Quick, name three western video games! And no cheating with Google.
It's harder than you'd think, isn't it? We've only seen a handful in the past decade, and outside of Red Dead Redemption very few were especially memorable. Which is a shame, because fighting hostile bandits in remote towns on horseback with six-shooters is perfect fodder for video games. Yet for some reason, anytime when they are released we dissect their faults more than we praise their strengths.
That's why I adore Westerado: Double Barreled - it's not just good, it perfectly captures everything that's wonderful about westerns. It has bandits, ruffians, innocent townsfolk, tense standoffs, and a morally flexible hero. It's presented in a charming retro-pixel style but uses clever modern design principles. And despite its relatively small world size, there's enough content to occupy players for multiple playthroughs without overwhelming them - all while featuring an impressive procedurally-generated story system.
Not bad for the updated version of a completely free browser game.
Westerado puts players in the boots of a young man who finds his mother dead, his brother mortally wounded, and the family homestead ablaze. Naturally he plans to have vengeance but there's a problem - he has no idea who the culprit even is. His only recourse is to explore the surrounding territory, take odd jobs, and align himself with various factions until he's gathered enough clues for a final confrontation.
Sounds like your typical western vendetta plot? Well, Westerado has a twist: Your family's killer is different every time. When you start a game, the role is assigned one of the random NPCs roaming the countryside. By gaining the trust of local factions, you'll uncover clues about the villain's characteristics: What kind of hat is he wearing? Which color is his shirt? Is he overweight? Can you spot his belt buckle? These details slowly come together until eventually - perhaps when you least expect it - you'll notice that fella near the train station looks awfully like the killer you're hunting. That's when the real showdown begins.
But the subversive genius of Westerado is that you can take any approach to solving the mystery - or goofing off along the way - and the game adapts to it. You can draw your pistol during any conversation in the game, prompting hilarious reactions from NPCs. You can join factions by following their quests, or cut to the chase by targeting their enemies. Even if you kill a main character - or all of them - you can continue playing the game unimpeded. And unlike some open-world games out there, going on a rampage on one end of the map could have consequences when you try to form alliances elsewhere.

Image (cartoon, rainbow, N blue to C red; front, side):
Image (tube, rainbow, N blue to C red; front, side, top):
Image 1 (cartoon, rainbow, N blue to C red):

This is possible because Westerado's story is so general that no one character fills an essential gameplay role. But that's not to say the story doesn't have weight. Just as the killer changes every game, the motivation for killing changes based on your in-game actions. A faction you form an alliance with could very well end up being the one who hired the killer after all - making for surprisingly appropriate twist endings in some cases.
As you might expect from any game produced by Adult Swim, Westerado is technically a parody. The central settlement is called Clintville, your health bar is measured in hats, and every single NPC draws a weapon the second they notice you've already done so. But it's a lovingly-crafted parody, created by designers who deeply appreciate the western genre. It delightfully references every tired plot trope from bumbling sheriffs to quests for revenge, but does so with such obvious sincerity that this minimalist game feels like a rich world.
Nowhere is this better reflected than combat itself. Six-shooters can't just fire and reload smoothly - you must draw your gun, cock the hammer, and only then pull the trigger. On top of that, bullets are reloaded manually, one at a time and you need precise aim to hit targets - especially when you're shooting hats off to claim live bounties. Defeating a single enemy in Westerado is a challenge that carries weight, yet can still become downright frantic when facing multiple bandits at once.
Westerado is a very limited world by most sandbox standards, but there's no shortage of things to do. You can protect delivery runs between settlements, find potential workers for local shops, explore the mines for hidden treasure, escort live bounties to the sheriff's office, negotiate a peace treaty with Indians, and more. It's worth mentioning that unlike most Triple-A sandboxes, Westerado doesn't have any directional system or checkmarks floating over objectives to help players find their way - you take clues from your journal or map and explore from there. The sheer amount of content you can stumble across makes Westerado highly replayable, even once you've tired of hunting your family's killer.
And that's not getting into the countless little details that help the game shine. Like how, if you have a gunfight in the saloon, the music keeps playing until the piano player dies. Or how, if you clear out a certain bandit hideout, they stop attacking your delivery run. Every time I play I find something new, and I'm not even tired of the old stuff to begin with. If that intrigues you at all - and it really should - then Westerado will be right up your alley.